House Budget Chairman Paul Ryan unveiled the House Republicans’ proposed budget for FY 2013 today. You can read the budget document, titled “The Path to Prosperity,” here. We will have more to say about it in the days to come, but here are a few preliminary observations.
Ryan’s budget calls for a simpler, fairer income tax system, with lower rates and fewer deductions. Ryan proposes just two marginal rates, 10% and 25%. It also lowers the top corporate income tax rate to 25%.
Ryan’s budget document takes on the explosive issue of Obama’s cronyism head-on:
The Choice: Cronyism and Corporate Welfare vs. A Level Playing Field
In each major sector of the economy, the President and his party’s leaders have offered a vision at odds with the core principles of economic freedom. It is an obsolete vision that favors big, well-established or politically well‐connected corporations and unions at the expense of workers and small competitors. It is a vision that creates political inequality by favoring companies with the best connections over those with the best ideas. And it is a vision that inhibits growth by increasing the cost of complying with government regulations instead of leaving enterprises with more money and more freedom to hire workers and create jobs.
America’s leaders must offer a new vision for a new century – not by applying old tax-and-spend policies to whatever industrial fad is popular in Washington, but by freeing the small businessperson, the worker and the entrepreneur to keep writing the American success story.
Cronyism and Corporate Welfare
In energy, the President and his party’s leaders remain committed to a policy that blocks proven domestic energy sources while spending recklessly on uncompetitive alternatives.
In housing, the administration has failed to take action to account honestly for the liabilities of Fannie Mae and Freddie Mac, and it continues the bailout of these entities that has already cost taxpayers hundreds of billions.
In financial services, the President and his party’s leaders remain wedded to an approach that views the consolidation of big banks – and the empowerment of the same regulators who failed to see the last crisis coming – as “reform,” when it is actually an invitation to corruption and potentially greater financial collapse down the road.
And in health care, the administration continues to transform one-‐sixth of the U.S. economy into a government-directed industry, rife with bureaucratic favoritism and capricious rules that trample the liberties of individuals, families, churches, non-profits, and employers.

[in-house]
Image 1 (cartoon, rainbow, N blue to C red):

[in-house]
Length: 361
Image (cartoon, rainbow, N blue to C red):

In addition to these interventions, the President and his party’s leaders continue to overstep government’s bounds by punishing businesses in order to reward the organized-labor groups that finance their campaigns. The actions of the National Labor Relations Board (NLRB) under this administration offer another good example of bureaucratic overreach and the decline of the rule of law. The most notorious case involves Boeing, which the NLRB sued over its decision to locate a new factory in South Carolina instead of union-‐friendly Washington State. The Board’s actions threatened hundreds of jobs. Eventually the NLRB dropped its lawsuit at the request of the politically connected union that had prompted the suit.
By picking winners and losers in the market, the government-as‐investor model distorts markets, subverts the rule of law, and fails to spur sustainable job creation. Instead of helping the economy, billions of taxpayers’ dollars are thrown away, successful companies are deprived of their competitive advantages, and workers lose their jobs.
This is the ugly end of government’s failed experiment with crony capitalism. Fortunately, there is a better way forward.
There is much more on the subject; read it all.
The Path to Prosperity includes a number of charts, some of which are highly effective. This one shows the exploding debt under the Democratic status quo, compared with the solution to the debt crisis that the Republican approach represents:
This one illustrates the fact that America’s finances are in almost as bad a condition as Greece’s and those of other troubled European countries:
And this one shows that the cause of the debt crisis is exploding spending, not insufficient tax revenues:
More to come.